We’ve debated whether the 49ers should enter the season with Colton McKivitz at right tackle and the depth behind him. We also had a good idea about how Mike McGlinchey would be out of the Niners price range, leaving them little choice but to let him walk.
McGlinchey’s five-year, $87.5 million was the longest contract given out for any offensive tackle this offseason, and also one of the highest-paid contracts at the position in recent memory.
Bleacher Report went through the ten worst signings of the offseason, and named McGlinchey:
If you’re going to sign one of the tackles at the top of the free-agent market, you’re likely going to overpay. But the Broncos took quite the risk with how much they invested in Mike McGlinchey.
The Broncos handed the former 49ers tackle a five-year, $87.5 million contract, which was the longest of any given to a tackle this offseason. The 28-year-old was ranked 35th out of the 81 tackles that PFF graded last season.
It makes sense that the Broncos were in the market for a tackle. They have to give Russell Wilson every opportunity to make their move to acquire him last season worth it.
But McGlinchey wasn’t even an elite pass protector, giving up six sacks and drawing 10 penalties, per PFF.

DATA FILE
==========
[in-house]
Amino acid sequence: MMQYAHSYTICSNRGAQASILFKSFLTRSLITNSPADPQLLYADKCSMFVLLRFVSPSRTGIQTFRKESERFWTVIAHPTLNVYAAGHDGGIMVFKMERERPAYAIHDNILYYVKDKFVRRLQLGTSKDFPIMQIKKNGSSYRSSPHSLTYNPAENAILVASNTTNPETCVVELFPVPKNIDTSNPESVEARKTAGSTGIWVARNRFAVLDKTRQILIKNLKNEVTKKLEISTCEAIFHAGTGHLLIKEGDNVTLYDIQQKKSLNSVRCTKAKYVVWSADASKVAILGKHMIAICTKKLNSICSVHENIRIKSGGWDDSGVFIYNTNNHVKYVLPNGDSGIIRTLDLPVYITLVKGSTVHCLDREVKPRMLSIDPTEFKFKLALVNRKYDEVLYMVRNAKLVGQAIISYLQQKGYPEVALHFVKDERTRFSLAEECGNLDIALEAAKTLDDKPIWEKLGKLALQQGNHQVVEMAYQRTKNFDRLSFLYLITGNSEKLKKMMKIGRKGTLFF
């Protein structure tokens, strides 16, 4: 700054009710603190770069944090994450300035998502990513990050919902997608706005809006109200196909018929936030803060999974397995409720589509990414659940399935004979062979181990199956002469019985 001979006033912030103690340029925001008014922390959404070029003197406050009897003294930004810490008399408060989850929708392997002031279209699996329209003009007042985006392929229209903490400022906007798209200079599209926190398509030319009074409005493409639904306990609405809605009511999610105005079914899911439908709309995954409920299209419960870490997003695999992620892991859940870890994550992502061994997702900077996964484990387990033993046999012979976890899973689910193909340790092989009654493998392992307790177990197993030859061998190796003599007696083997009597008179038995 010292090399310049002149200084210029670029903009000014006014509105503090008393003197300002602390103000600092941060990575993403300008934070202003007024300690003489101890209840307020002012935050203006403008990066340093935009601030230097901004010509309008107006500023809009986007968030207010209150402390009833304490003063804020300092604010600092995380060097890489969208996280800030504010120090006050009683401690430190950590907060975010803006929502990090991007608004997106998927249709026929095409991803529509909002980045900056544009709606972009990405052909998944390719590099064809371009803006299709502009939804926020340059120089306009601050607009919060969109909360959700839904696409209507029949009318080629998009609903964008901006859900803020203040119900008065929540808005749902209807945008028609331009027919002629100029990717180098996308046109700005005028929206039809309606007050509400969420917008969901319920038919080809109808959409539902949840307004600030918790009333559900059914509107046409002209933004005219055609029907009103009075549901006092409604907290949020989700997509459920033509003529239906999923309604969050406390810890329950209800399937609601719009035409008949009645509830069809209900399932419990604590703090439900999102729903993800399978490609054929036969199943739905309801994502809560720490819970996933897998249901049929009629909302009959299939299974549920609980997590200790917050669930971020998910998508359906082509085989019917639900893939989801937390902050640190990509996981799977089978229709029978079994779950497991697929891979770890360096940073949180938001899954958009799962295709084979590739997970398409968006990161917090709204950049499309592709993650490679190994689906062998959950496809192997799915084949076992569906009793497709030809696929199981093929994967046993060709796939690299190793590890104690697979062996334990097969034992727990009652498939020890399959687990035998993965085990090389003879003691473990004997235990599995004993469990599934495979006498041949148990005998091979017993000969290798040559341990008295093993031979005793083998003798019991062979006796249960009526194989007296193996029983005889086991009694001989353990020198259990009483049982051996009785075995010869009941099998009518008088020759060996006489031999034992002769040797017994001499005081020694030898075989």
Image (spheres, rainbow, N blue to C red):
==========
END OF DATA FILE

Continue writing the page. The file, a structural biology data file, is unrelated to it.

Brandon Thorn of Trench Warfare wasn’t very high on McGlinchey in the free-agent class. He put him in his “below-average starter” group.
“He was a plus run-blocker over his first two seasons in 2018 and 2019 but has since taken a step back in his play strength and power, struggling to absorb and generate the same amount of force that he did early in his career,” Thorn wrote before noting the 49ers run a system that is friendly to offensive linemen.
Whether McGlinchey can play up to this contract for Sean Payton is a serious question.
Brandon is one of the best in the business. There’s no argument against McGlinchey’s play slipping to consistently inconsistent, which is why his contract caught so many off guard.
For the 49ers, we forget about the valuation part of the assessment. Can they get the same level of play out of McKivitz as they did McGlinchey, but do so at about 90 percent of the cost?
That’s what the Niners are banking on. You’re not going to pour all of our resources into 11 different positions on both sides of the ball. The salary cap doesn’t allow it. First and foremost, McKivitz must stay healthy.
From there, if he can become a product of Kyle Shanahan’s system while limiting the “lowlights” to fewer than one a game, the 49ers right tackle will change in name only.